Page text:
“White House touts energy policies as rules loom” – Associated Press, 30 May 2014

With continued backlash, President Obama is still trying to sell the US on his new energy policy and attempting to showcase the regulations as economically advantageous through job creation, cleaner energy sources, and protection of the US against foreign turmoil. In a 42-page report to be released on Thursday, the White House contends that the US’s natural gas boon is both economically and environmentally beneficial.

The report’s purpose is to counteract the disapproval of the EPA‘s new regulations on coal-fired power plants, which many expect will inflate electricity costs, thwart job growth, and impede economic prosperity. Conservatives and their allies believe that reducing emissions won’t actually aid the environment, and only become a hinderance to the economy.

The White House reports argues that increased domestic energy production, wind and solar power, and decreased dependency on oil have largely bolstered the security of US energy and the economy, and speak directly to the impacts of climate change by reducing carbon emissions.

The US’s upswing in natural gas safeguards the economy, and everyone’s pockets, if oil-producing countries undergo turmoil and cause oil prices to skyrocket. If we continue to produce energy sources domestically, then the US reaps the benefits—that means more money and more jobs.

Regardless, the US is still the number one consumer and importer of oil. The advent of natural gas hasn’t been embraced by everyone—the process of extracting natural gas from shale rock presents some unease with many environmental groups. The decline in oil consumption started in 2006, though that fall is ascribed to the recession. At the same time, natural gas consumption has increased by 18% since 2005.

Developed and Written by Dr. Subodh Das and Tara Mahadevan

May 30, 2014

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“Four Colorado Towns Vote on Fracking Ban” – Wall Street Journal, 4 November 2013

Earlier this month, voters in the Colorado towns of Broomfield, Boulder, Fort Collins and Lafayette passed fracking bans. Broomfield, Boulder and Fort Collins will vote on moratoriums — Lafayette will vote on a permanent ban. While fracking has benefited the US economy and energy industry, many are against the technique, saying that it causes earthquakes, water contamination and air pollution.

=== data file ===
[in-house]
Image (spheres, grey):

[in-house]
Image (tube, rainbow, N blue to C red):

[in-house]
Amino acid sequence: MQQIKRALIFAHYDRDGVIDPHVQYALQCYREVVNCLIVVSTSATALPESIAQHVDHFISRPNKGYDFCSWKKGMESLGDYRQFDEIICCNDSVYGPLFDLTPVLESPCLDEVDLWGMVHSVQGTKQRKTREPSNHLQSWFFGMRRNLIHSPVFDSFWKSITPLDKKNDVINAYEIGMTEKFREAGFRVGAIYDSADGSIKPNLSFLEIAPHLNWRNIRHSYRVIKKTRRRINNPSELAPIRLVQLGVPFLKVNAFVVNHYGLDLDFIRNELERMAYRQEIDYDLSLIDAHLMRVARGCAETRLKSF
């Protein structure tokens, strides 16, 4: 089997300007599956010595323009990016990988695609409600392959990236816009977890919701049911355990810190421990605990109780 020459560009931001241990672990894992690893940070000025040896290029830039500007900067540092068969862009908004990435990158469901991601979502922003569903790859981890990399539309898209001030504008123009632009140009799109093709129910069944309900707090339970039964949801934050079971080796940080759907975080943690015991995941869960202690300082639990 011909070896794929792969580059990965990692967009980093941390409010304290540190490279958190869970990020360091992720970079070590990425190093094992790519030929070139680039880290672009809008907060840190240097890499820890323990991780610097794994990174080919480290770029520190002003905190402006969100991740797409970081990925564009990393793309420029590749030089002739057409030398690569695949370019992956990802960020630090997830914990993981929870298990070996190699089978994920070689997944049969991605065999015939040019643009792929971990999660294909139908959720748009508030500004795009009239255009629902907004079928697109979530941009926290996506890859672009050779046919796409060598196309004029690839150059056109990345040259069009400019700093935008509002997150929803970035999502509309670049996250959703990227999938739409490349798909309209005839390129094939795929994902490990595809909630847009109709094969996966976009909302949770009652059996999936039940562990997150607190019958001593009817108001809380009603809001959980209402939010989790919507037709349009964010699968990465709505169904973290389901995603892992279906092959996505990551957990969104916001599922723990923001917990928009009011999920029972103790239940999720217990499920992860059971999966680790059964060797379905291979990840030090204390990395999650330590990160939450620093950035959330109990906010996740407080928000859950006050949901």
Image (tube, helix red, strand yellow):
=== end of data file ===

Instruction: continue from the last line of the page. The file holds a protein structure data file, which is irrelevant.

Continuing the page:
Since no new technology is 100% safe, the town has to chosen the most optimal solution, based upon imperfect and changing best-known and unknown opinions and information. In democratic societies like ours, these debates are healthy, as they bring the best cost-effective, implementable solutions with long term staying power — inclusive of all stake holders.

The ban on fracking in these towns comes as a shock to the energy industry, as Colorado is a huge producer of both oil and gas: it is the ninth-biggest oil-producing state and sixth-biggest gas-producing state. Broomfield sits on the edge of the Niobrara Shale, a rock formation that has the ability to generate large amounts of oil and gas. Colorado currently has 100 oil rigs in use, which produce 267,000 barrels of oil and 4.6 billion cubic feet of gas per day. The US Energy Information Administration (EIA) approximates that the state holds at least two billion barrels of oil in reserves.

The Broomfield decision is being carefully watched by the oil, gas, coal and the entire renewable and non-renewable energy industry, as well as pro- and anti-fracking groups — the town is greatly indicative of statewide, and maybe even nationwide, voting and public opinion trends.

Developed and Written by Dr. Subodh Das and Tara Mahadevan

November 20, 2013

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